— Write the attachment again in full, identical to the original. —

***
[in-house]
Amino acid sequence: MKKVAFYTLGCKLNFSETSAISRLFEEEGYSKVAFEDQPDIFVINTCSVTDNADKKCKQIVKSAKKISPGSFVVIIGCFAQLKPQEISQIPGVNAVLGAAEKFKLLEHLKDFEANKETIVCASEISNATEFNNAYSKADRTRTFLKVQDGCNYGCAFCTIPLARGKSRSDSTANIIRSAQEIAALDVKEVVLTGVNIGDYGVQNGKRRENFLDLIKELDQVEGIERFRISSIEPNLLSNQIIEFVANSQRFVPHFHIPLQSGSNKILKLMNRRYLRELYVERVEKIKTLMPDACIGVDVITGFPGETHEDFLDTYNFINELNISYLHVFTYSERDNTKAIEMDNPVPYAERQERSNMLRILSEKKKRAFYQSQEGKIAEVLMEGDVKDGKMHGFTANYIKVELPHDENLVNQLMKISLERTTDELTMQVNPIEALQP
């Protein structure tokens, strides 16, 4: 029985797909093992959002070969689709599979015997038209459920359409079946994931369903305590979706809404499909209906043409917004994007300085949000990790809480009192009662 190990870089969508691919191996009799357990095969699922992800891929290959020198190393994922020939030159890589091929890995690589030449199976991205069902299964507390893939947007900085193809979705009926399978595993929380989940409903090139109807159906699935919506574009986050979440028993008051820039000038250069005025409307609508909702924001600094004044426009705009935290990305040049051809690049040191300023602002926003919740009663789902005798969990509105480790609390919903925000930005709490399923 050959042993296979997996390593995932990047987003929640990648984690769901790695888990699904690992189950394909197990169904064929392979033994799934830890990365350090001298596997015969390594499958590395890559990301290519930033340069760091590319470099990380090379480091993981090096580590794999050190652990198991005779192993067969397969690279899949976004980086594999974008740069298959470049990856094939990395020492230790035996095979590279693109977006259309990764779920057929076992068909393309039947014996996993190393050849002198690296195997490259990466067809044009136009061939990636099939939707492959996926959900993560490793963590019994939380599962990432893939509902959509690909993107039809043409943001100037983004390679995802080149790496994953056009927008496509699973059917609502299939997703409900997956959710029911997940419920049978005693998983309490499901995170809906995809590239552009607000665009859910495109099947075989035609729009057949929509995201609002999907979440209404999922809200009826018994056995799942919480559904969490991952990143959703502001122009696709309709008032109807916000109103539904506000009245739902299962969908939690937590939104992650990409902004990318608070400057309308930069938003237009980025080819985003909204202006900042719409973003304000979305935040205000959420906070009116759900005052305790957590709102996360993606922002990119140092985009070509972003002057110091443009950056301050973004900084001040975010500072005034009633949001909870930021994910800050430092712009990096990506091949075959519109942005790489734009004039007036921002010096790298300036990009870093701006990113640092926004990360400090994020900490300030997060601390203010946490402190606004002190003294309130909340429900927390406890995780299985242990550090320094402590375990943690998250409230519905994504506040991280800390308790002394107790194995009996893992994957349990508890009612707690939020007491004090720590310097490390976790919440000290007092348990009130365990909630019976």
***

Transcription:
[in-house]
Amino acid sequence: MKKVAFYTLGCKLNFSETSAISRLFEEEGYSKVAFEDQPDIFVINTCSVTDNADKKCKQIVKSAKKISPGSFVVIIGCFAQLKPQEISQIPGVNAVLGAAEKFKLLEHLKDFEANKETIVCASEISNATEFNNAYSKADRTRTFLKVQDGCNYGCAFCTIPLARGKSRSDSTANIIRSAQEIAALDVKEVVLTGVNIGDYGVQNGKRRENFLDLIKELDQVEGIERFRISSIEPNLLSNQIIEFVANSQRFVPHFHIPLQSGSNKILKLMNRRYLRELYVERVEKIKTLMPDACIGVDVITGFPGETHEDFLDTYNFINELNISYLHVFTYSERDNTKAIEMDNPVPYAERQERSNMLRILSEKKKRAFYQSQEGKIAEVLMEGDVKDGKMHGFTANYIKVELPHDENLVNQLMKISLERTTDELTMQVNPIEALQP
């Protein structure tokens, strides 16, 4: 029985797909093992959002070969689709599979015997038209459920359409079946994931369903305590979706809404499909209906043409917004994007300085949000990790809480009192009662 190990870089969508691919191996009799357990095969699922992800891929290959020198190393994922020939030159890589091929890995690589030449199976991205069902299964507390893939947007900085193809979705009926399978595993929380989940409903090139109807159906699935919506574009986050979440028993008051820039000038250069005025409307609508909702924001600094004044426009705009935290990305040049051809690049040191300023602002926003919740009663789902005798969990509105480790609390919903925000930005709490399923 050959042993296979997996390593995932990047987003929640990648984690769901790695888990699904690992189950394909197990169904064929392979033994799934830890990365350090001298596997015969390594499958590395890559990301290519930033340069760091590319470099990380090379480091993981090096580590794999050190652990198991005779192993067969397969690279899949976004980086594999974008740069298959470049990856094939990395020492230790035996095979590279693109977006259309990764779920057929076992068909393309039947014996996993190393050849002198690296195997490259990466067809044009136009061939990636099939939707492959996926959900993560490793963590019994939380599962990432893939509902959509690909993107039809043409943001100037983004390679995802080149790496994953056009927008496509699973059917609502299939997703409900997956959710029911997940419920049978005693998983309490499901995170809906995809590239552009607000665009859910495109099947075989035609729009057949929509995201609002999907979440209404999922809200009826018994056995799942919480559904969490991952990143959703502001122009696709309709008032109807916000109103539904506000009245739902299962969908939690937590939104992650990409902004990318608070400057309308930069938003237009980025080819985003909204202006900042719409973003304000979305935040205000959420906070009116759900005052305790957590709102996360993606922002990119140092985009070509972003002057110091443009950056301050973004900084001040975010500072005034009633949001909870930021994910800050430092712009990096990506091949075959519109942005790489734009004039007036921002010096790298300036990009870093701006990113640092926004990360400090994020900490300030997060601390203010946490402190606004002190003294309130909340429900927390406890995780299985242990550090320094402590375990943690998250409230519905994504506040991280800390308790002394107790194995009996893992994957349990508890009612707690939020007491004090720590310097490390976790919440000290007092348990009130365990909630019976």